September 29, 2007
I have always liked the idea of having a tree planted in honor of a loved one. I feel something spiritual in the presence of trees. Something about the rustle of the leaves in the wind and the sway of the branches takes me to a different plane and I feel connected with past and present. Last year I had a tree planted in David’s name as a Christmas gift for his brother’s family out in California. It didn’t cost very much, so I am sure the tree is just a little sapling somewhere out there in L.A.
Anyway, as I worked on this piece I started thinking that this is how I imagine David’s tree will look someday, standing in silhouette against a moving sky.
September 22, 2007
A fellow artist/blogger Gregorio Perez joked to me that one reason he wants to move to woodblock printing is that he’s tired of people telling him that they used to do linoleum block printing in grade school. I think it’s possible that wood may get more respect than linoleum, but he got me thinking about all of the virtues of woodblock printmaking.
I started using wood in printmaking because I saw some real life examples of moku hanga and I was completely blown away by the beauty of it’s transparent color and visible woodgrain. I was excited that I could use some of the knowledge that I had gained from years of working with watercolor to this new medium. On the practical side, wood is a renewable resource and it is relatively inexpensive (especially if you consider that you can carve both sides of a piece of wood). It is also quite forgiving and can be glued and sanded. You can even remove small dents with a little water and heat.
On the down side, wood can be a bit difficult to work with as it varies in hardness and has a grain. It requires very sharp tools and a patient and careful hand. Mark Krecic, the woodshop studio coordinator at the UM School of Art & Design, once told me that he hated it when students would tell him that the wood didn’t do what it was supposed to do. He taught me that the wood always does what it’s supposed to do. It’s our job as artists to learn to understand that.
But the simple fact is that I’m in love with this artform. It takes my meager ideas and transforms them into something I could never have envisioned. I look at the way the carved grooves enhance the quality and excitement of something as simple as the shape of a cloud and I am breathless.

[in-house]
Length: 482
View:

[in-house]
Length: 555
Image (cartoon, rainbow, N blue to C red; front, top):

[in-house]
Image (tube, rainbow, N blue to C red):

September 14, 2007
I started out my attempt to learn how to create a color gradation in moku hanga, by reading the method described in The Art and Craft of Woodblock Prinmaking.
I started the process by moistening the wood with a wide brush and letting it soak in.
I added drops of watercolor pigment (I used Winsor yellow and alizarin crimson) to the top and bottom of the block respectively.
Then I added the nori or rice paste between the drops of pigment.
Next I used the maru bake brush to blend the pigment and the nori. I swiped the brush in small circles at first and ended with a side to side motion, gradually moving toward the center of the block where there was no pigment and only nori and water.
It took a few prints before the block became “seasoned” enough to print well. I noticed that too much water caused spots in the print and too little water cause lines. I had to practice to get the right combination. Things got a bit messy as I swiped the brush from side to side, so I used masking tape to protect the edges. I still had to wipe the sides off, but the tape helped keep things under control.
Here is a print of the gradation. This will provide the background for the tree and clouds.
September 4, 2007
Posted by serendipityartist under stray dogs
, Watercolor 1 Comment
As an American traveling in India, one of the striking things to me was the number of stray dogs roaming around the city. Instead of being locked up in shelters or euthanized, Indian stray dogs are left to fend for themselves. Who’s to say which system is better. Unlike with the American system, the number of dogs wandering around serves to constantly remind us that they are there and they are in need. I learned fast from my Indian family that you do not touch strays as they may bite or carry disease. But I cannot resist watching them and wondering about them. On my last day in India this summer I broke down and gave this fellow one of my biscuits. He was so grateful and gentle – you can see it in his eyes. I regret that I didn’t reach down and pet him on the head.
This painting will be on display at From There to Here: the A&D International Exhibit
An exhibition highlighting creative work completed by A&D students faculty and staff while working, visiting, and/or researching abroad during the Fall 2006- Summer 2007, and international students studying at A&D.
September 7th – October 5th
Jean Paul Slusser Gallery, 2000 Bonisteel Blvd.
Opening Reception: Friday, September 7 6:00-9:00pm
September 1, 2007
This week I have been working on an idea for a new woodblock print.
My inspiration comes from this color woodcut entitled Blue Gums by William Seltzer Rice – Elvehjem Museum of Art (photo from in the book American Color Woodcuts: Bounty From the Block, 1890s-1900s).
I had taken this photograph of a tree sometime ago with the intention of using it as reference for an artwork. I felt that this tree might be able to come to life using a technique similar to that used to create Blue Gums.
I worked out this image in colored pencil, but it looked too similar to the Blue Gums piece.
I tried experimenting with the clouds . . .
I liked this experiment best. It was done in watercolor to simulate the overlapping colors in a reduction block print. I will need to further experiment with printing gradations before I can make it work as a woodblock print.